Colosseum - Chapter 2: Numquam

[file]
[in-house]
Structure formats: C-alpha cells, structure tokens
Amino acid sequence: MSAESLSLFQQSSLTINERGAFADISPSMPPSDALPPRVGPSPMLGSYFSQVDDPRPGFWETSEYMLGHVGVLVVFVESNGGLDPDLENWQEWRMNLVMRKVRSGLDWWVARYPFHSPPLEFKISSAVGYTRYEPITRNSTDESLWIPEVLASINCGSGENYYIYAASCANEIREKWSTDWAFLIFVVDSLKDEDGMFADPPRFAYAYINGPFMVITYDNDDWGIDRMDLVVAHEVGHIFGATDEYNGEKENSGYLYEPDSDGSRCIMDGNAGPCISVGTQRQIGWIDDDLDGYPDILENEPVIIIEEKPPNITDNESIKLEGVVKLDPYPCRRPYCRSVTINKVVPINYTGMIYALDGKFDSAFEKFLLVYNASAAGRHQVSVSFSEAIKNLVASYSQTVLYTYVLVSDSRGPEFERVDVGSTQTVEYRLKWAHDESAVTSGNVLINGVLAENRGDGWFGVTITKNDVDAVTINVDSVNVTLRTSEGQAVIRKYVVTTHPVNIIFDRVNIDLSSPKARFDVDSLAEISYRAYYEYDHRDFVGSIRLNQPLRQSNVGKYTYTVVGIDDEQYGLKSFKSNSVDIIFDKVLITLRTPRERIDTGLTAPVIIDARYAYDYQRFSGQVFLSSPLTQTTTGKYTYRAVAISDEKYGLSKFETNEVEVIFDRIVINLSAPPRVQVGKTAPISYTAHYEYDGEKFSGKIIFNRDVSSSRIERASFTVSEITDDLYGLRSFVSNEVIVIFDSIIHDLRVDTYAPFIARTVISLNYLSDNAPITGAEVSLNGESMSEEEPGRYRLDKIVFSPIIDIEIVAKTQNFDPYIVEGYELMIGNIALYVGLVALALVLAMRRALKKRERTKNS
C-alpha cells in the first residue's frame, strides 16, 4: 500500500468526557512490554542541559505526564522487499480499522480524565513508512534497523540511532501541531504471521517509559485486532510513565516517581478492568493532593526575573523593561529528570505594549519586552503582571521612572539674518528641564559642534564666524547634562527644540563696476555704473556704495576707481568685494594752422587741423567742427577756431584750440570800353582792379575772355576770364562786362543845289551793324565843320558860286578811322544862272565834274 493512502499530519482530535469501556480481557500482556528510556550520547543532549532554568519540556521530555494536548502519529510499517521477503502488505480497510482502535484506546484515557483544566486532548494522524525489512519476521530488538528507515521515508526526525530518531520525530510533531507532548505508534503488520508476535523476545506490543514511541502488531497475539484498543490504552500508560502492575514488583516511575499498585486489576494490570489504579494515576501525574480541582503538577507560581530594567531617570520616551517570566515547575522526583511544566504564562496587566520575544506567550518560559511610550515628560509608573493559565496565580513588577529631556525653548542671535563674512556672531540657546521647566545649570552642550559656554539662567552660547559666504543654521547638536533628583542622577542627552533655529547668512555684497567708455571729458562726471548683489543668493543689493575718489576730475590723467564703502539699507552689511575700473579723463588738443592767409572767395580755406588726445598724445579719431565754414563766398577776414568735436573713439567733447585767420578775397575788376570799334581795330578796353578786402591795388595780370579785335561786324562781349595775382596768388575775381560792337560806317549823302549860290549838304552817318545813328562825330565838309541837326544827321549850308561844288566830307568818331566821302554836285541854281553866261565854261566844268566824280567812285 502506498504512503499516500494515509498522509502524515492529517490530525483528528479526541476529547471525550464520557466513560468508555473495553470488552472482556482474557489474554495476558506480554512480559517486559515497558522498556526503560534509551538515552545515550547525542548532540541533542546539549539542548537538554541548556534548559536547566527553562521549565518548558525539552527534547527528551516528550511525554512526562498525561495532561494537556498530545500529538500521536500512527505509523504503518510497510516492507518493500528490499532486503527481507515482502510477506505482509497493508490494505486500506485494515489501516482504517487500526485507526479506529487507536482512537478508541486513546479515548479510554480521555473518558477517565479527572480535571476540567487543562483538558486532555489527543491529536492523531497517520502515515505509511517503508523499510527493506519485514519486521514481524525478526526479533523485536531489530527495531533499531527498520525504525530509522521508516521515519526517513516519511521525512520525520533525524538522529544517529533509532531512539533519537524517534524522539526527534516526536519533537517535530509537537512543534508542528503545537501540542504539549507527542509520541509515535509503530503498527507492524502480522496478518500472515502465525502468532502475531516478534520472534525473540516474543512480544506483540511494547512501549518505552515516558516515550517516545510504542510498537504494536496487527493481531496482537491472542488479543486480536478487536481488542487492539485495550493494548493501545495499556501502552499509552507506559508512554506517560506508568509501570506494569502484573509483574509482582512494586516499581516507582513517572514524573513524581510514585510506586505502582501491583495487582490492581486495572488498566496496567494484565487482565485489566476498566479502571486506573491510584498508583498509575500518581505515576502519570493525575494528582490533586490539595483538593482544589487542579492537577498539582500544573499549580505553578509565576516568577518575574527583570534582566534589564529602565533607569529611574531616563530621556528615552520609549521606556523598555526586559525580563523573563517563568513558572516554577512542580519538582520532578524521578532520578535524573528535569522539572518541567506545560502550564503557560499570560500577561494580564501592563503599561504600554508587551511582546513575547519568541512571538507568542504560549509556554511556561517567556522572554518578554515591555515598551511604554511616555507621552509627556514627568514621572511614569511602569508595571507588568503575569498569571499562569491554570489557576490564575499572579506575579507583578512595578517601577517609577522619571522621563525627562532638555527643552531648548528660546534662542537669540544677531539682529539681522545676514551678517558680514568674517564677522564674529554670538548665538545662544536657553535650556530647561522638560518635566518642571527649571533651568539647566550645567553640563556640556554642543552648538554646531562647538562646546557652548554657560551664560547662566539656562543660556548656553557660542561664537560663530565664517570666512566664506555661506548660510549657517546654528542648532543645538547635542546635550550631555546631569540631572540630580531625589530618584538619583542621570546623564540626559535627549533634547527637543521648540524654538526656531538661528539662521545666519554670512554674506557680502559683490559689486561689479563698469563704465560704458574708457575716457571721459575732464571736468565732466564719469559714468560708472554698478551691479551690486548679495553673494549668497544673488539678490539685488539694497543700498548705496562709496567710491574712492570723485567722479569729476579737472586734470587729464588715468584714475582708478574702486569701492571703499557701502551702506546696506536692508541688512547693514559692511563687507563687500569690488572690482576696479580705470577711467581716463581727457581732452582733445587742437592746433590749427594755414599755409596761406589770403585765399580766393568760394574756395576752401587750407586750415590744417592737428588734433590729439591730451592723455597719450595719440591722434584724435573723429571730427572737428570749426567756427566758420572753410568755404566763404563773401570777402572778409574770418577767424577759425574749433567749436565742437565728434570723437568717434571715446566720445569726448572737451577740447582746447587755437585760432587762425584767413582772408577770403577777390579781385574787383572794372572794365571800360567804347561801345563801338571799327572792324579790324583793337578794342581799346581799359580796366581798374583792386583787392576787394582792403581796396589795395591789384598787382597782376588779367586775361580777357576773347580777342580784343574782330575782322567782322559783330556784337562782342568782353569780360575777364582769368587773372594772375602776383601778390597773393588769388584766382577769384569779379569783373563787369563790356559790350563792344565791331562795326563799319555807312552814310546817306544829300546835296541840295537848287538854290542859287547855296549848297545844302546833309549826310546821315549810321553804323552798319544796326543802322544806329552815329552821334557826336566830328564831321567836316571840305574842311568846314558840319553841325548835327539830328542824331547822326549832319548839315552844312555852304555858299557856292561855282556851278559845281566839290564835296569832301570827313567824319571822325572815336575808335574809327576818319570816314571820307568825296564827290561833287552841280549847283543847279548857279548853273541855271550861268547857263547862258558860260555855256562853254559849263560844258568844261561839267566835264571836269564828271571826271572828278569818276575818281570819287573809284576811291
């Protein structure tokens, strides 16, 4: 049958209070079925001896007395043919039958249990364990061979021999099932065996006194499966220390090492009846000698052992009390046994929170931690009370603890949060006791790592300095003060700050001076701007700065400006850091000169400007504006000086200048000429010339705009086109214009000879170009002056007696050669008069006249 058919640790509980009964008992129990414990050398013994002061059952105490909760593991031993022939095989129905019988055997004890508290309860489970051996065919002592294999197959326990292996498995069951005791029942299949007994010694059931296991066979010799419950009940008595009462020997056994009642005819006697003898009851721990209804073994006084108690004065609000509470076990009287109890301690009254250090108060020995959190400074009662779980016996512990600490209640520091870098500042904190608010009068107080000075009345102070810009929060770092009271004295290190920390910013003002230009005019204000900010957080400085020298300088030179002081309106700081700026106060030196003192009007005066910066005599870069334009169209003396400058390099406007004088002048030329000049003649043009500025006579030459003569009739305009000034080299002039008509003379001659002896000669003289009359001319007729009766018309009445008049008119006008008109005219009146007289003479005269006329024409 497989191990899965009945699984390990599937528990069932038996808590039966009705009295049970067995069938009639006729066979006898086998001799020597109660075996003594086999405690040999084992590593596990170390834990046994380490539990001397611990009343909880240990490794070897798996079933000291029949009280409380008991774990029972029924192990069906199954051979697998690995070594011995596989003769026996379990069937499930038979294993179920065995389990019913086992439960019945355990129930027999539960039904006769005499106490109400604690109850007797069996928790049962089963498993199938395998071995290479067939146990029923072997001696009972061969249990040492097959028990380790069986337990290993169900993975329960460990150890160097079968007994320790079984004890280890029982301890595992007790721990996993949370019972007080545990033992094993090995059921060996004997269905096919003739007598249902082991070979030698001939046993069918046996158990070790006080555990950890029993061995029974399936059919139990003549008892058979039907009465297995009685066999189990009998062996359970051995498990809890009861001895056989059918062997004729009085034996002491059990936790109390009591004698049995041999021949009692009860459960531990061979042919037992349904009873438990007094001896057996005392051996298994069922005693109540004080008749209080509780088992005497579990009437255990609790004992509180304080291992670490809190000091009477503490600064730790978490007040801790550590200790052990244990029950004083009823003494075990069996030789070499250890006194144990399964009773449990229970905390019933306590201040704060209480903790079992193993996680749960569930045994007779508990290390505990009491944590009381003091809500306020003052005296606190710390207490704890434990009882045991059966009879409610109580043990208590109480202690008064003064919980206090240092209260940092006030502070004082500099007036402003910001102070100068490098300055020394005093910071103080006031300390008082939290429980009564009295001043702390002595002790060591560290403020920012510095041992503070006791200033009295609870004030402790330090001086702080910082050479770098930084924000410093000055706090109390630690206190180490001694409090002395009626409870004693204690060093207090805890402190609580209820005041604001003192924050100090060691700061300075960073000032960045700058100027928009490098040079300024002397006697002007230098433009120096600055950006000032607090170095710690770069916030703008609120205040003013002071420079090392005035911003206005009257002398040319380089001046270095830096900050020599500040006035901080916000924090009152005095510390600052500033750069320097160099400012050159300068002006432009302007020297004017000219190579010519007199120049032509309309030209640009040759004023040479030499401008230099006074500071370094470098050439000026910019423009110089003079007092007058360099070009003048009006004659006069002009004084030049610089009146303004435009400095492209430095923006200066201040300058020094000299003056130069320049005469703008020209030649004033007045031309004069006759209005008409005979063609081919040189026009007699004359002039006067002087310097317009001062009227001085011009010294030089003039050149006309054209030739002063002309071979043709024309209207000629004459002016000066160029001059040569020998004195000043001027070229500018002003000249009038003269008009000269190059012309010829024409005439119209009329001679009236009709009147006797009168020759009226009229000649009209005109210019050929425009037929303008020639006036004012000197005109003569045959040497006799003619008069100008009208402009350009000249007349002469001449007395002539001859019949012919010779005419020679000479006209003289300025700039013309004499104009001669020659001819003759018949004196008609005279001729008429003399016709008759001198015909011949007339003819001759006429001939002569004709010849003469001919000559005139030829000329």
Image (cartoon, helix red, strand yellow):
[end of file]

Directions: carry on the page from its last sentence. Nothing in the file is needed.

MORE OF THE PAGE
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Here we have a great funeral doom album in the majestic style popularized by Shape of Despair; this is the second full length record by the now defunct Colosseum, coming out of Finland. It was with great shock that the scene received word that the main man behind Colosseum and Yearning, Juhani Palom‰ki, had died. Now let me cut to the chase and get on to the review. - Colosseum plays a very symphonic style of funeral doom, complete with keys, trumpet, flute, violin, cello, and acoustic guitars. While melodic, the band focuses far more on atmospherics than poignancy, especially when compared to bands such as Skepticism. As such I would consider Colosseum to be a little more ambient than Skepticism and Shape of Despair, but not quite as out there as say, Until Death Overtakes Me, and in that way the band fits right into the Finnish funeral doom scene in general. Some have mentioned that the guest musicians seem too buried in the mix, but this band functions almost like a symphony orchestra, each instrument blending together to form a whole. Even the vocals and guitars are lower in the mix than the average extreme doom album. The atmosphere on this record is great, dark, sad, and majestic as hell. Let me also note that this album is better played loud, the instruments flooding your ears. - This record has received a lot of bad press in the doom community and I'm writing this to contest and disagree with those opinions. Popular conception of this record is that it was too similar to the first album, which to me is ridiculous. This is funeral doom, this is not a pop record, it is meant to have that ambient feel which washes over you. I dare the reader to meditate to this or any of their other records. Now it may be true that Colosseum became the Motorhead of the funeral scene, but either way I just don't care. No, this album isn't too different than the first or third albums. What we have here is still a quality record with great artwork and atmosphere. I feel confused listening to the complaining that is adherent to some parts of the metal scene, and my advice is get positive and support art, not scene politics. While this album isn't as "classic" as the first album, it is just as good. Janne R‰mˆ Bass, Sameli Kˆykk‰ Drums, Olli Haaranen Guitars, Programming, Juhani Palom‰ki (R.I.P. 2010) Vocals, Guitars (acoustic), Guitars, Keyboards, Lyrics, Songwriting